Main content area

Preventive Effects by Black Raspberries of Endometrial Carcinoma Initiation and Promotion Induced by a High‐Fat Diet

Huang, Yi‐Wen, Chen, Jo‐Hsin, Rader, Janet S., Aguilera‐Barrantes, Irene, Wang, Li‐Shu
Molecular nutrition & food research 2019 v.63 no.12 pp. e1900013
animal models, carcinogenesis, carcinoma, cell growth, cell proliferation, chemoprevention, endometrium, estradiol, females, heterozygosity, high fat diet, leptin, metabolites, mice, obesity, raspberries, uterine neoplasms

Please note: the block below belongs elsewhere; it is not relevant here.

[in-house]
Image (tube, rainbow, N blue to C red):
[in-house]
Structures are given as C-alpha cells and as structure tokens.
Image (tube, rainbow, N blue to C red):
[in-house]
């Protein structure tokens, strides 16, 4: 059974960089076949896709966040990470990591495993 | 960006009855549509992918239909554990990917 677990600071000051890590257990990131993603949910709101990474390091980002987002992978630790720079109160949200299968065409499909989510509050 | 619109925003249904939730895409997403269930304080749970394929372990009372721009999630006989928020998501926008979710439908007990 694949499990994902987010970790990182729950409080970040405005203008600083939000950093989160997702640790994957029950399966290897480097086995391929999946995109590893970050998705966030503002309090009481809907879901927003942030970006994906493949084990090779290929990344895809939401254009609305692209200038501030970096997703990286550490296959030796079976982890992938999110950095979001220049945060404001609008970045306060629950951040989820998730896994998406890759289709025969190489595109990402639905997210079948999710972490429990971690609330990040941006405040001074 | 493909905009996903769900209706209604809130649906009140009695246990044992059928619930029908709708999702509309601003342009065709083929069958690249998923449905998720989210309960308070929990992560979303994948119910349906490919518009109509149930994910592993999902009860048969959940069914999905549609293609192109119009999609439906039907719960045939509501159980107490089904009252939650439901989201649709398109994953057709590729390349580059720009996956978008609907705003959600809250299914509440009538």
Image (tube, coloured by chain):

SCOPE: The chemopreventive effects of black raspberries (BRBs) have not been studied in endometrial tumorigenesis. Here, they are examined in a mouse model of endometrial cancer. METHODS AND RESULTS: Wild‐type and Pten heterozygous (+/−) female mice are weaned at 3 weeks and fed with four AIN‐93G diets: 93G; 93G+5% BRBs powder; high‐fat (HF); and HF+5% BRBs. Body weight and diet consumption are recorded weekly until the mice are euthanized at 28 weeks of age. Mice fed with HF diets are found to significantly gain body weight over time. BRBs are not found to affect the development of obesity. Mice in the HF+BRBs group consume less food than the HF‐only mice. HF+BRBs diets suppress uterine tumor initiation and promotion more than the HF‐only diet by inhibiting cell proliferation. It also reduces HF‐induced levels of plasma leptin and 17β‐estradiol (E2). Urolithin A, a metabolite of BRBs, suppresses cell proliferation induced by leptin and E2. CONCLUSION: BRBs are preventive in HF‐mediated uterine tumorigenesis because they suppress cell growth and plasma leptin and E2 levels.